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Human Trafficking, Mental Illness, and Addiction: Avoiding Diagnostic Overshadowing

Overview of attention for article published in AMA Journal of Ethics, January 2017
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124 tweeters
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3 Facebook pages

Citations

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44 Mendeley
Title
Human Trafficking, Mental Illness, and Addiction: Avoiding Diagnostic Overshadowing
Published in
AMA Journal of Ethics, January 2017
DOI 10.1001/journalofethics.2017.19.1.ecas3-1701
Pubmed ID
Abstract

This article reviews an emergency department-based clinical vignette of a trafficked patient with co-occurring pregnancy-related, mental health, and substance use disorder issues. The authors, including a survivor of human trafficking, draw on their backgrounds in addiction care, human trafficking, emergency medicine, and psychiatry to review the literature on relevant general health and mental health consequences of trafficking and propose an approach to the clinical complexities this case presents. In their discussion, the authors explicate the deleterious role of implicit bias and diagnostic overshadowing in trafficked patients with co-occurring addiction and mental illness. Finally, the authors propose a trauma-informed, multidisciplinary response to potentially trafficked patients.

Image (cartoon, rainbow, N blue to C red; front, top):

Twitter Demographics

The data shown below were collected from the profiles of 124 tweeters who shared this research output. Click here to find out more about how the information was compiled.

Mendeley readers

The data shown below were compiled from readership statistics for 44 Mendeley readers of this research output. Click here to see the associated Mendeley record.

Geographical breakdown

Country Count As %
Unknown 44 100%

Demographic breakdown

Readers by professional status Count As %
Student > Master 12 27%
Student > Ph. D. Student 9 20%
Student > Bachelor 5 11%
Researcher 4 9%
Student > Doctoral Student 3 7%
Other 7 16%
Unknown 4 9%
Readers by discipline Count As %
Medicine and Dentistry 12 27%
Social Sciences 8 18%
Psychology 7 16%
Nursing and Health Professions 5 11%
Neuroscience 2 5%
Other 4 9%
Unknown 6 14%